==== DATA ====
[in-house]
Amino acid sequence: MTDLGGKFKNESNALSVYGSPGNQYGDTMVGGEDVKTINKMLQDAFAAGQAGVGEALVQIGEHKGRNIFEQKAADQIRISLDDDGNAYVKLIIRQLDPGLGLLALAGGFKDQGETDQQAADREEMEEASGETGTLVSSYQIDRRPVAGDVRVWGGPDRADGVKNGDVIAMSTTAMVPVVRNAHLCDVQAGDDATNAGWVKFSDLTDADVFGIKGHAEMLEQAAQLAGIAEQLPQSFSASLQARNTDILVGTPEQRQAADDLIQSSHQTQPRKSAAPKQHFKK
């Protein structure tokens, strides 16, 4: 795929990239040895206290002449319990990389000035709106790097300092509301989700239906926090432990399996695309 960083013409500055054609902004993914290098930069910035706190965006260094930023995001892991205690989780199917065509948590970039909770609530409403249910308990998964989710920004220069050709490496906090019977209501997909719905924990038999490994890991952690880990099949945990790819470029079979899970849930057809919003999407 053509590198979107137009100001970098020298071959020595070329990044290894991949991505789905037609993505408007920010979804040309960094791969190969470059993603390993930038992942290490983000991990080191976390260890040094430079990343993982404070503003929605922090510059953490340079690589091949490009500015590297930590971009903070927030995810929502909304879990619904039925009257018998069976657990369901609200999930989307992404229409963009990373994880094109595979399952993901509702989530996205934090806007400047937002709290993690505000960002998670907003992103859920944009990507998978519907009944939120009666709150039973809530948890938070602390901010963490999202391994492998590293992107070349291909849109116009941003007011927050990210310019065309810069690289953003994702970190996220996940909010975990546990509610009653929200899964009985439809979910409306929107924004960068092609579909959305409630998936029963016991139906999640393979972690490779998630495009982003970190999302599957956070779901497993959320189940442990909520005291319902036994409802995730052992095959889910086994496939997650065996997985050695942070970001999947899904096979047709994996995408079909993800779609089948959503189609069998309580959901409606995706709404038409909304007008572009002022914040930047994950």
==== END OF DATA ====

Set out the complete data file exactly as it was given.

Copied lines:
[in-house]
Amino acid sequence: MTDLGGKFKNESNALSVYGSPGNQYGDTMVGGEDVKTINKMLQDAFAAGQAGVGEALVQIGEHKGRNIFEQKAADQIRISLDDDGNAYVKLIIRQLDPGLGLLALAGGFKDQGETDQQAADREEMEEASGETGTLVSSYQIDRRPVAGDVRVWGGPDRADGVKNGDVIAMSTTAMVPVVRNAHLCDVQAGDDATNAGWVKFSDLTDADVFGIKGHAEMLEQAAQLAGIAEQLPQSFSASLQARNTDILVGTPEQRQAADDLIQSSHQTQPRKSAAPKQHFKK
């Protein structure tokens, strides 16, 4: 795929990239040895206290002449319990990389000035709106790097300092509301989700239906926090432990399996695309 960083013409500055054609902004993914290098930069910035706190965006260094930023995001892991205690989780199917065509948590970039909770609530409403249910308990998964989710920004220069050709490496906090019977209501997909719905924990038999490994890991952690880990099949945990790819470029079979899970849930057809919003999407 053509590198979107137009100001970098020298071959020595070329990044290894991949991505789905037609993505408007920010979804040309960094791969190969470059993603390993930038992942290490983000991990080191976390260890040094430079990343993982404070503003929605922090510059953490340079690589091949490009500015590297930590971009903070927030995810929502909304879990619904039925009257018998069976657990369901609200999930989307992404229409963009990373994880094109595979399952993901509702989530996205934090806007400047937002709290993690505000960002998670907003992103859920944009990507998978519907009944939120009666709150039973809530948890938070602390901010963490999202391994492998590293992107070349291909849109116009941003007011927050990210310019065309810069690289953003994702970190996220996940909010975990546990509610009653929200899964009985439809979910409306929107924004960068092609579909959305409630998936029963016991139906999640393979972690490779998630495009982003970190999302599957956070779901497993959320189940442990909520005291319902036994409802995730052992095959889910086994496939997650065996997985050695942070970001999947899904096979047709994996995408079909993800779609089948959503189609069998309580959901409606995706709404038409909304007008572009002022914040930047994950």